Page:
This case note highlights how damages are calculated by a Judge in a public liability claim.
In 2015 Mrs Hodgson commenced proceedings in the District Court in negligence claiming damages for personal injuries (in a fractured wrist, severe bruising and shoulder injuries) suffered by her in a fall at Rose Bay beach on 30 November 2013 while she was crossing a drain owned by Sydney Water Corporation (“Sydney Water”).
Mrs Hodgson relied on medical evidence being consultation notes from her GP including a medical certificate, a referral for physiotherapy, an ultrasound report and reports from an osteopath, a physiotherapist, an occupational physician and an orthopaedic surgeon.
As to the above evidence, the Judge found Mrs Hodgson had continued problems with her right shoulder and right wrist including reduced grip strength and reduced range of motion in her shoulder. Given the problems had persisted for nearly 3 years after the accident, Mrs Hodgson’s restrictions were “probably permanent or will improve only slowly”.
Judge Dicker found in favour of Mrs Hodgson for the following reasons:
- The risk to the plaintiff was foreseeable by the Council being a risk of which the Council knew or ought to have known
- The risk was not insignificant
- In the circumstances a reasonable person in the position of the Council would have taken precautions to prevent the risk of harm
- There was no contributory negligence by Mrs Hodgson
- That the Council breached its duty of care owed to Mrs Hodgson
- That if the Council had taken precautions to prevent the risk of harm, Mrs Hodgson would not have slipped
Mrs Hodgson and the Council had opposing views on what damages should be awarded as follows:
|Head of Damage||Mrs Hodgson||The Council|
|2.||Past economic loss||$3,600.00||Nil|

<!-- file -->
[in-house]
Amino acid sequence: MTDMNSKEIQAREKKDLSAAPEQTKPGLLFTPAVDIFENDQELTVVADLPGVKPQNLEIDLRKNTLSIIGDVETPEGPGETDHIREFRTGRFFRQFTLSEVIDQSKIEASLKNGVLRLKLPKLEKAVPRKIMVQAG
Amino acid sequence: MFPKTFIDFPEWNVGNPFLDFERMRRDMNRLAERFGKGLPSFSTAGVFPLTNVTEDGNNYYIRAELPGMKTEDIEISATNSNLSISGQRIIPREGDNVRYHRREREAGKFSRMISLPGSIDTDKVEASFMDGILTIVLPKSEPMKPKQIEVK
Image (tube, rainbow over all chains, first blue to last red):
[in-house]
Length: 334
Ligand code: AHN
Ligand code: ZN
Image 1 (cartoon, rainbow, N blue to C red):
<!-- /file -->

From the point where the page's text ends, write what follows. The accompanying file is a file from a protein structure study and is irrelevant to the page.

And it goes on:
|3.||Future economic loss||Buffer||$50,000.00||Nil|
|4.||Out of pocket expenses||$7,961.00||Less than $4,500.00|
|5.||Future out of pocket expenses||$21,066.00||Nil|
|6.||Past domestic assistance||Nil||Nil|
|7.||Future commercial assistance||$61,806.00||Nil|
A summary of the award by the judge is as follows with an explanation below:
|Head of damage||Amount awarded|
|Past economic loss||Nil|
|Future economic loss||$15,000.00|
|Past out of pocket expenses||$6,000.00|
|Future out of pocket expenses||$12,000.00|
|Past domestic assistance||Nil|
|Future commercial assistance||$60,412.00|
1. Non-economic loss (pain and suffering)
The Judge found Mrs Hodgson had “continuing physical limitations that affect her daily living but they are not of the serious kind” and taking into account “all the facts … including the nature of the injury, the medical evidence and … evidence of her restrictions” assessed Mrs Hodgson’s entitlement to 20% of a most extreme case being $21,000.
2. Past economic loss
The Judge made no award for past economic loss as Mrs Hodgson did “not appear to have suffered any loss of salary or past economic loss as a result of the accident”.
3. Future economic loss
Mrs Hodgson claimed a buffer of $50,000 as she works for herself and finds it difficult due to her right shoulder to perform the physical work required when she undertakes marketing events will result in a potential limitation in her earning capacity.
The Judge found that there was a real possibility that Mrs Hodgson’s “future earning capacity will be diminished to some extent having regard to her restrictions and she may well be unable to take on certain jobs that require more physical work … Alternatively, she may well need to pay for an assistant in some cases” and allowed $15,000.
4. Past out of pocket expenses
The Judge allowed $6,000 including a reduction for treatment of the plaintiff’s left shoulder which was not related to the accident and other unrelated problems.
5. Future out of pocket expenses
The Judge noted the evidence of the orthopaedic surgeon and allowed “a buffer… for future likely out of pocket medical and related expenses” in the sum of $12,000.
6. Past domestic assistance
The claim for domestic assistance was discontinued by Mrs Hodgson as she did not require 6 hours of assistance per week for the first 6 months following her injury.
7. Future commercial assistance
Mrs Hodgson claimed future commercial assistance of 2.5 hours per week at $25 per hour for the rest of her life (53 years). The Judge found that Mrs Hodgson needed assistance and “the number of hours sought at the rate sought are appropriate…However, in my view providing commercial assistance for … life… is excessive” and allowed “commercial assistance for 48 years” being $60,412.
If you have been injured by someone else’s negligence and as a result are unable to work or require assistance with personal care or medical expenses, we can help.